My first response is to ask ‘what improvement’? The US may now be technically out of recession, but the UK’s still got some way to go… see the latest housing prices figures (and I’m having a tough day!).
Jessica Miller-Merrell at Blogging 4 Jobs notes that even in the US, the recovery is going to have a “"W” or a slow “V” shape. And over at the Business Execution blog, Erik and Keith predict it’ll be a “U” shaped recovery. Perhaps the appropriate letter for the UK is an “L” (see, I told you).
Jessica suggests the following very sensible proposals:
- Poll our employees
- Seek feedback
- Take action
- Follow Up
- Build a Candidate Pipeline.
And Erik suggests companies need to:
- Have “Execution Agility” as well as “Strategic Agility”
- Let people inform the strategy
- Make amends for cutting headcount, freezing pay, slashing benefits, decreasing hours, etc, and invest in Status and Fairness.
I think Erik and Jessica are right to focus on engagement. This is clearly going to be an issue for employers as (when!) the economy improves. I thought Management Today summed it up nicely:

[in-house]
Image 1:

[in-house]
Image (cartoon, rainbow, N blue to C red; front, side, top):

“More than one in five UK workers reckon that they rarely or never feel fulfilled by their jobs, according to a new survey by workplace assessment specialists SHL. This dissatisfaction (which is particularly prevalent among young people) has apparently got even worse as a result of the recession. And although workers are reluctant to act on it for the time being, it supposedly could mean a mass exodus once the job market starts functioning properly again...”
Rather over-optimistically perhaps, I spent quite a bit of time focusing on how companies could engage people to prepare for the recovery at the beginning of the recession (naive fool!), and these suggestions are probably more relevant now, so you might want to check out:
- Scenarios for HR’s future in the global reset
- HR’s main priority
- CIPD Managing through a Downturn Conference
- Talking HR show #10: Navigating your way out of the recession.
But I’d like to make one more suggestion too. And this pick’s up on Erik’s comment that “what drives high performance is a person’s social and emotional connection to work”, and also Jessica’s that “it’s the relationship that matters”.
To me, the new priority is to develop social as well as human capital. Yes, human capital is still going to be vital. But if the W/V/U/L recovery is, as many people are predicting, a relatively jobless one, then organisations are going to need to do more than just optimising the engagement and alignment of their people.
They’re going to need to optimise the way their people work together too. I think this is going to involve much more than just the use of Linkedin, Twitter and Facebook. Instead, it’s going to have to be about an appropriate mix of effective leadership, HR and management practices, OD interventions, and yes, web 2.0 tools as well.
More about this soon…